Improvements to Experimental Design & Quality
How to Measure Inequality in Small-Group Discussion
In any group working together, such as a jury, some people talk more than others. This inequality may promote efficiency, but sometimes means that some people, or certain kinds of people, have been ignored. Court opinions on jury size have discussed inequality in talk, with some scholars telling the courts that smaller groups, while offering less diversity in membership, are more egalitarian than larger ones. Is this true? Are smaller juries “better"? In a recent article, law professor, psychologist, and IPR associate Shari Seidman Diamond and her colleagues Mary R. Rose and Dan Powers question this conclusion because, the authors note, there are problems with measuring inequality in small groups. They apply three commonly used metrics to juries to evaluate which is most useful for comparing inequality in small groups. Using four highly realistic datasets from juries that deliberated, either in real trials or in experiments, the researchers tested the measures by counting each time someone new speaks and the number of words spoken by each juror. Diamond and her co-authors find that all three tested measures of inequality correlate with the number of words and turns of speech, but some measures falsely portray small groups as more egalitarian than they are. The authors show that a metric known as the index of concentration is the most useful in demonstrating the level of equality across small groups of differing sizes, and they urge more research into applying it. From a policy perspective, this study helps to shed light on what the best size for an equitable jury might be. Diamond is the Howard J. Trienens Professor of Law.
Perspectives From Transgender and Gender Diverse People on Asking About Gender
Research has increasingly focused on the inclusive measurement of transgender and gender diverse (TGD) people's gender identities, yet gaps still exist in understanding how these individuals prefer to be asked their gender in academic studies. In a study published in LGBT Health, professor of medical social sciences and IPR associate Brian Mustanski and his colleagues examine how TGD people desire their gender to be asked about and represented in research. In an online survey conducted between 2015 and 2017, the researchers asked 695 TGD people to provide written suggestions for how to ask about gender, and 314 gave suggestions. The participants were primarily White (75.7%) and between 16–73 years old. Three broad categories of responses emerged, including specific identities to include in response options, specific questions to ask about gender, and qualifiers or nuanced considerations, such as the option to check multiple boxes or offer a fill-in-the-blank question. Some participants also suggested a two-step method for asking about gender, such as asking the sex assigned at birth and then current gender, while others suggested there should be a question about gender followed by a specific question about whether participants were TGD. The researchers write that improving questions about gender is an important step to increasing accurate representation of TGD people in research, and future research is needed to continue evaluating these suggestions.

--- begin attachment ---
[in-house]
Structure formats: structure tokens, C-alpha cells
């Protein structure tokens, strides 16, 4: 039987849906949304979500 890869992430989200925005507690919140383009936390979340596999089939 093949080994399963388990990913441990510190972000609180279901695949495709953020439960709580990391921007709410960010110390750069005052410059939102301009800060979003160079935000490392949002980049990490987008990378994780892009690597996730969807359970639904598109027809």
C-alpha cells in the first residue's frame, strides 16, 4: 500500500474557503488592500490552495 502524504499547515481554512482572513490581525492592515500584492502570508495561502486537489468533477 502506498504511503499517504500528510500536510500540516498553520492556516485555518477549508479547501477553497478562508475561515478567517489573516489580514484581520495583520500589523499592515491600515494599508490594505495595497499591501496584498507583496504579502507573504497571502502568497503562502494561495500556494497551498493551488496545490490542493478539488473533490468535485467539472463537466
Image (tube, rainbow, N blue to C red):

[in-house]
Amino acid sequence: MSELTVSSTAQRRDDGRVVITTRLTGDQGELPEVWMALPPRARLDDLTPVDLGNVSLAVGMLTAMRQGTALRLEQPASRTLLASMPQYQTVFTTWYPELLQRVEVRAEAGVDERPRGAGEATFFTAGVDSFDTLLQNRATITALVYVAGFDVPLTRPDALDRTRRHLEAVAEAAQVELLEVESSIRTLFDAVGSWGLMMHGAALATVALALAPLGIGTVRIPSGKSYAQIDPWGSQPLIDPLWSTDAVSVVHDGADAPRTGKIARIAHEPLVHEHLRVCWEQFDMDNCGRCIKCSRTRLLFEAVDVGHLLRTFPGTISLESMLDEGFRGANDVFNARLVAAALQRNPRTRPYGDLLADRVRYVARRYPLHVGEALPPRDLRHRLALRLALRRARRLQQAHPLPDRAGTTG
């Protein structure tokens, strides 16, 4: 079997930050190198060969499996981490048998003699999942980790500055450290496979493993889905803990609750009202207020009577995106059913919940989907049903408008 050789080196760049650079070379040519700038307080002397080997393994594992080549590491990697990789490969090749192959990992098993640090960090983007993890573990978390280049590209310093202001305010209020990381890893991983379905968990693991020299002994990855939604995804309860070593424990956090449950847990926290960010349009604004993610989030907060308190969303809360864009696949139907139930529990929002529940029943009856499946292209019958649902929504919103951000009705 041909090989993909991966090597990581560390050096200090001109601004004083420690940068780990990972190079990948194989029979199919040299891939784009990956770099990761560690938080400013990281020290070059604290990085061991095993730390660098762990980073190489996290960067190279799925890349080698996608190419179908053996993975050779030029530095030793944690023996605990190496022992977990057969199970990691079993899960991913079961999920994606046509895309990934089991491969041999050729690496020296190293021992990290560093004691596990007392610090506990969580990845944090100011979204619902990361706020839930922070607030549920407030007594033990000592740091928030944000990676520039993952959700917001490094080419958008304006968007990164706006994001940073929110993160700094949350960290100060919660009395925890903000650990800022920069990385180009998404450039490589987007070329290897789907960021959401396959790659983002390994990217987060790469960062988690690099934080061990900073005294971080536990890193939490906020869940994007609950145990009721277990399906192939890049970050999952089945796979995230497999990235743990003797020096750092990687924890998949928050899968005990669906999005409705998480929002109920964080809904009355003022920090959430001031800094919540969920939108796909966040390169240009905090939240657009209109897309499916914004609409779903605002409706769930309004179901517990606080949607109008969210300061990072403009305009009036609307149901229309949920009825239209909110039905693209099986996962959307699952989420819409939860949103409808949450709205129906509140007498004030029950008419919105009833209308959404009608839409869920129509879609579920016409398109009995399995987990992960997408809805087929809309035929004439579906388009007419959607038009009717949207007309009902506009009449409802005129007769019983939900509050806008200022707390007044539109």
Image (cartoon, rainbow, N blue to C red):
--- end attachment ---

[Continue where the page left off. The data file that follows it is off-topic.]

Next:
Better Designs for Replication Studies
How to check research results in medicine, psychology, education, behavioral economics, and other fields by replicating the experiments in the original studies has been a significant issue for close to 20 years. Current standards for research replication include conducting multiple studies, rather than a single study, to see if the results of the original research will be reproduced. In the Journal of the Royal Statistical Society: Series A, IPR education researcher and statistician Larry Hedges and former IPR postdoctoral fellow Jacob Schauer, now at Northwestern’s Feinberg School of Medicine, turn to how to design groups of studies that investigate replication. They ask how many studies and how many subjects per study are necessary to ensure statistically sound results that are cost-efficient and use a meta-analytic tool in their approach. The authors argue that “approximate replication” is valuable and more attainable than “exact replication,” which may be too strict a measure, and propose methods that can be used to create optimal designs that have sufficient statistical power for approximate replication. They describe the design for two forms of studies—hypothesis tests and variance component estimation—and then evaluate them by testing a current research design for replication used by the Many Labs Project, which examined a psychology study on the “retrospective gambler’s fallacy.” Hedges and Schauer conclude that the Project’s design had sufficient power to identify some larger differences between the studies being analyzed, but that other designs would have been less expensive and/or produced more precise estimates or higher-powered hypothesis tests. Hedges is Board of Trustees Professor of Statistics and Education and Social Policy.